Magdalene College

Location: Cambridge, United Kingdom

Magdalene College came into being in 1428 as a hostel for Benedictine monks coming from the Fenland to study Canon Law at Cambridge University. Over subsequent centuries, it has kept its focus on academic excellence, but has also moved with the times both in terms of technology and accessibility for the disabled. These two elements combine to give those users who are hearing impaired the same experience as everyone else via an Ampetronic induction loop system – a facility that the College demes an important investment.

The last few years have seen an extensive building programme at Cripps Court, a stand-alone newly built court constructed on land acquired by the College over the last 40 years. It boasts a sophisticated AV system for the brand new auditorium – the Sir Humphrey Cripps Theatre – plus a series of inter-connected seminar rooms in the original part of building that can play host to collegiate activity and be used by businesses as a conferencing facility.

Cambridge Audio-Visual was tasked with handling the AV requirements for the building, part of which is an extensive Ampetronic induction loop system to ensure both compliance with current legislation and fulfilment of the College’s desire to provide the most up-to-date facilities for all those using building.

The main auditorium is used as a teaching facility and a performance space for the College’s theatre group and music recitals – all acoustic – and has been designed with both these aspects in mind. It is equipped with an ambient omni-directional microphone, situated almost at ceiling level, which feeds the induction loop on a permanent basis. “That way, if someone just walks in to the room, anyone using the loop system will be able to hear what’s going on in the same way as everyone else can,” says Matthew Foster, technical manager for Cambridge AV. “When there is a lecture, etc, the presenter is mic’d and that source plus any programmed sound is mixed and fed to the loop system.”

The installation and system for the auditorium was fairly simple. The room resides below ground level, so there were no spill issues to cope with. “This allowed us to use a very simple perimeter loop that runs roughly down the stairs and across the front of the room, powered by an Ampetronic ILD9 amplifier with an Ampetronic MP221 pre amp,” he adds.

However, the seminar rooms are housed in the old part of the building and, being adjacent to each other, had to employ a design that took into consideration confidentiality and therefore spill issues.

“This is where Ampetronic’s design came in,” explains Matthew. “We’ve got a lot of experience installing induction loop systems. A lot are very straight forward, but others aren’t and I have to say, this is one of our most interesting. Because this is a conversion of an existing building, where we could put the loops was the issue. We knew we wanted to put them in the floor, but the next problem was, because of the flooring that was going back down, there was no sub-floor to lay tape and we had to go back to using wire.”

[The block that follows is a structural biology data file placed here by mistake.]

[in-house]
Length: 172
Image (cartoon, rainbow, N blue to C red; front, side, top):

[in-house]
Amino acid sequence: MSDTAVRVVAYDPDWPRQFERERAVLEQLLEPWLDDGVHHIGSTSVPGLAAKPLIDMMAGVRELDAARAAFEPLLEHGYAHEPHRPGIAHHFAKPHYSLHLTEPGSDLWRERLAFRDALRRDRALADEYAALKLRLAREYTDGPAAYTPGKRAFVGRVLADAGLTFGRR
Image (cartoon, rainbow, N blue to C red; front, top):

Cambridge AV was involved right from the very start, with their first conversations for the project being in 2002, which was a very nice, and fortunate, situation to be in given the complexity of the construction schedule.

“We took the design that came from Ampetronic, with all its close tolerances, and drilled holes everywhere that was needed through solid oak joists. We had a long liaison with the electrical and main contractors about how that was going to work. The biggest issue wasn’t laying the loops themselves, it was making sure that we were in here at the right time and, that once we’d been in, everything stayed protected. Once the floor went back down, it would mean taking the whole thing up again if any breaks became apparent.”

The systems used in the seminar rooms are phased array systems, where two loop systems are superimposed running audio signals that are out of phase with each other. Ampetronic phase shift technology and Ampetronic proprietary design techniques make this type of loop system possible. Each room uses two Ampetronic ILD252 amplifiers linked by one Ampetronic SP5 phase shifter. The loops are fed by omin-directional boundary microphones and also have the capacity to allow additional hand held microphones to be connected. The largest of five rooms, Seminar Room 3, has it’s own loop system fed by a further two ILD252 amplifiers and an SP5 Phaser unit.

“Our AV facilities have been carefully planned and designed to the latest specifications as an all-inclusive package,” concludes Dr Mark Billinge, development director for the College. “We have tried to make sure that we have covered every issue – and have also left ourselves spare capacity should we wish to add to the equipment in the future – and the loop system is a very important part of this.”